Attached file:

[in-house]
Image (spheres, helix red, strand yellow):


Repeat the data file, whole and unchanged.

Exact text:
[in-house]
Image (spheres, helix red, strand yellow):